Reclaiming Graniteville’s Economy

Reclaiming Graniteville's Economy (Image 1)
Reclaiming Graniteville's Economy (Image 1)

A new e-recycling plant, Recleim, is coming to Graniteville, SC.  Many of you had questions about what the plant will do and what the hundreds of jobs it will bring are.  WJBF's Aiken County Bureau Chief, Ashley Bridges went to get answers.

Dozens of
wornout refrigerators, dryers, dishwashers – believe it or not these could be
Graniteville's future:  That's because
Recleim isn't focused on manufacturing – but on de-manufacturing.

“The old
refrigerator will come in the door and go out as pelletized steel, plastic,
copper,” explains plant general manager, Doug Huffer.

company will take apart old appliances, safely dispose of environmental dangers
like CFCs, then resell the parts on the materials markets – these rows of
machines are just the beginning.

“A single
relationship may bring in 26 truckloads per day,” says CEO Ben Hirokawa.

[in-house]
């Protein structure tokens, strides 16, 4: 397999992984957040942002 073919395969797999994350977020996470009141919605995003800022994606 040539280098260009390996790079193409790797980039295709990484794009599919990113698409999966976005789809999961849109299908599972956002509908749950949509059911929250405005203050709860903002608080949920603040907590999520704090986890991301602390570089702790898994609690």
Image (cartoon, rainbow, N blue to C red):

creates a lot of work:  And even though
the integrated technology will be the first of its kind and make an impact
globally, Recleim is focused on hiring locally.

“We want
to make this community known for recycling, and for job creation, and for not
giving up,” Hirokawa says.

local means they have a stake in the community, they have a stake in the
company,” Huffer adds.

Many of those
of you in the community have reached out to the CEO and to the general manager
asking about jobs.

“It was
meaningful to me to how many people called and to hear their stories,” Hirokawa

say, ‘is there a home for me, keep me in mind,' Huffer says.

And we
got answers to who should apply – in short any and all of you.  Recleim is high-tech and will including
engineering jobs, but that isn't all.

unloading trucks to disassembling products, something as simple as using a
screw driver and taking a piece of trim off an appliance,” Huffer explains.

They say
they know you're ready – and they're busy getting ready for you.

are people who are motivated enough to call me directly, and I think it's
important that they know we're coming, we are interested, we just need a little
time,” he says.

They hope
to be in full operation by summer 2014.  Jobs
will rollout leading up to that time, and you can count on WJBF to keep you

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